“Last summer I came in to clean up graffiti everyday, but then I went through a whole winter with nothing showing up. I was amazed. The more we clean it up, the less people seem to be comfortable with messing it up again,” she said.

“It’s ridiculous for someone to put graffiti in the alley, because it’s like, just talk to me. You can create art for real, and you don’t have to worry about the cops. I do put in police reports every once in a while if graffiti is really bad. If they tag art or deface something, I take that seriously.” Really, this is the whole idea behind Pugsslane: to give people a place to create art on purpose so they don’t feel the need to cover buildings and dumpsters in graffiti. Gibby wants people to know that anyone can create art in Pugsslane if they really want to.

“I try to keep the rules really light. I’ll never tell someone to not put something up because I don’t like their art,” she said. “Mainly I let people know not to paint anything profane or political or religious. We don’t want to offend anyone. Those are the things that will get tagged.”

To make space for more artists to play, Gibby periodically paints over the alley in white for a clean start. This is what makes it a living gallery. Gibby hopes to expand the project in the future to more alleys so there is more space for art and also more efforts to keep alleys clean. She also hopes to see a broader variety of artists signing up to paint.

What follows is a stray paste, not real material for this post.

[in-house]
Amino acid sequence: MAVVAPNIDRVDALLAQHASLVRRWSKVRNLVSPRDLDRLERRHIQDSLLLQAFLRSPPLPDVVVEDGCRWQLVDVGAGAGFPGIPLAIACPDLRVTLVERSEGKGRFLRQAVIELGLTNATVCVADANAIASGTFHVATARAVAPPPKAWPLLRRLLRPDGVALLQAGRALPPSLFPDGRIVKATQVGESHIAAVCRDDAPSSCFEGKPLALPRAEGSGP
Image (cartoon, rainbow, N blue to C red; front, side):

“I was so excited to have a young, 6-yearold artist come and paint,” she said. “She did an amazing job painting her rainbow. I want people to see that anyone can do this. You don’t have to be ‘good enough’ to get into the alley.”

One thing Gibby wants to educate people about is the fact that she cares about the historic value of the old buildings in the alley.

“Sometimes people ask me why I’m letting people paint on historic buildings,” she said. “The lower area where everyone paints is where tags are. Above that where the brick is untouched, we don’t paint there because it’s still part of historic downtown. It makes sense to paint down lower because it’s already been covered a million times with graffiti and we’re just cleaning it up and making it look better. We aren’t destroying anything, we’re just enhancing it.”

Currently Gibby works at a daycare where she teaches art to preschoolers. Art is her life. She has hopes of expanding the mural project to include the larger alley that runs perpendicular to Pugsslane. She wants the whole alley to feel safer and cleaner, a place people wouldn’t mind walking through. She wants it to be an enjoyable part of the downtown experience.

“I’ve seen what cleaning up one alley and bringing in art can do,” she said. “I’d love to see more of this.”

To learn more about Pugsslane Art Alley, check out the Instagram page @pugsslanealley where you can see some of the art or submit a draft and sign up to paint a mural of your own.